Once a year, the warm sun shines down onto my skin while the smells of grilled food fill the air with that savory BBQ aroma. I can hear my family cheer during the bean-bag-toss as I run through the sprinklers with my daughter. I smell of bug spray and sun block. We all begin to settle down in the evening as the sun sets and we huddle together to light them. After all, nothing says July 4th in America like fireworks!
Fireworks are extremely accessible on the 4th of July; they are literally everywhere. Every year the fireworks get bigger, louder and more expensive. Moreover, while fireworks can be fun, we have to remember they are extremely dangerous. When celebrating this year, try to keep these safety tips in mind:
- Children should never play with fireworks. Remember, as innocent as sparklers appear, they often burn up to 1800 degrees Fahrenheit, which is hot enough to melt gold!
- Fireworks should only be used while under the direct supervision of an adult.
- Only use legal fireworks. Laws vary from state to state in terms of what fireworks can be sold and distributed. Check with your state’s website for their fireworks guidelines if you have any questions.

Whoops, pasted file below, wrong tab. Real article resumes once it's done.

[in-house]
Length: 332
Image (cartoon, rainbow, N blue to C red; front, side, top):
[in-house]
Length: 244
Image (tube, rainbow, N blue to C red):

- Never construct your own fireworks. It’s not thrifty, it’s not funny… it’s an accident waiting to happen.
- Do not hold any fireworks when lighting them. You’re beginning the day with ten fingers, you may as well end the day with ten fingers.
- Wear some kind of eye protection. Fireworks, after all, are explosive.
- Be conscious of the clothing you have on when lighting fireworks. That being said, never light fireworks while naked. Some burns aren’t worth explaining.
- Don’t point fireworks at other people or animals. Roman Candles are not grenade launchers, folks.
- Keep fireworks away from houses, trees and dry grass when lighting.
- Never re-light a dud. There can be an explosive delay in some of them.
- Soak all burned up fireworks in water before discarding.
- Do you have a pet? Take them into consideration before choosing where to light fireworks. Dog and cats have sensitive ears and the loud bangs can be damaging to their hearing.
Fireworks are part of the American scenery during the 4th of July. It’s a holiday Americans celebrate with family and friends and it’s meant to be fun and relaxing. These tips are common sense. Do not let something happen to someone you love this 4th of July just because a few simple safety rules were not followed. Fireworks are fun, but more importantly, fireworks are dangerous.
Mike Kinney has sustained some minor firework-related injuries over the years, and while he’s not a professional by any means, he does write for a company that sells the gear you need to at least look like a firefighter. We would recommend following this common sense advice and play it safe this Fourth of July.